Multimodal non‑invasive monitoring to apply an open lung approach strategy in morbidly obese patients during bariatric surgery

Tusman, Gerardo
Acosta, Cecilia M.
Ochoa, Marcos
Böhm, Stephan H.
Gogniat, Emiliano
Martínez Arca, Jorge
Scandurra, Adriana
Madorno, Matías
Ferrando, Carlos
Suárez-Sipmann, Fernando
Título de la revista
ISSN de la revista
Título del volumen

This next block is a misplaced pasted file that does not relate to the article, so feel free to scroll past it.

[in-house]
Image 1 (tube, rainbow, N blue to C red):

"To evaluate the use of non-invasive variables for monitoring an open-lung approach (OLA) strategy in bariatric surgery. Twelve morbidly obese patients undergoing bariatric surgery received a baseline protective ventilation with 8 cmH2O of positive-end expiratory pressure (PEEP). Then, the OLA strategy was applied consisting in lung recruitment followed by a decremental PEEP trial, from 20 to 8 cmH2O, in steps of 2 cmH2O to find the lung’s closing pressure. Baseline ventila-tion was then resumed setting open lung PEEP (OL-PEEP) at 2 cmH2O above this pressure. The multimodal non-invasive variables used for monitoring OLA consisted in pulse oximetry (SpO2), respiratory compliance (Crs), end-expiratory lung volume measured by a capnodynamic method (EELVCO2), and esophageal manometry. OLPEEP was detected at 15.9 ± 1.7 cmH2O corresponding to a positive end-expiratory transpulmonary pressure (PL,ee) of 0.9 ± 1.1 cmH2O. ROC analysis showed that SpO2 was more accurate (AUC 0.92, IC95% 0.87–0.97) than Crs (AUC 0.76, IC95% 0.87–0.97) and EELVCO2 (AUC 0.73, IC95% 0.64–0.82) to detect the lung’s closing pressure according to the change of PL,ee from positive to negative values. Compared to baseline ventilation with 8 cmH2O of PEEP, OLA increased EELVCO2 (1309 ± 517 vs. 2177 ± 679 mL) and decreased driving pressure (18.3 ± 2.2 vs. 10.1 ± 1.7 cmH2O), estimated shunt (17.7 ± 3.4 vs. 4.2 ± 1.4%), lung strain (0.39 ± 0.07 vs. 0.22 ± 0.06) and lung elastance (28.4 ± 5.8 vs. 15.3 ± 4.3 cmH2O/L), respectively; all p < 0.0001. The OLA strategy can be monitored using noninvasive variables during bariatric surgery. This strategy decreased lung strain, elastance and driving pressure compared with standard protective ventilatory settings."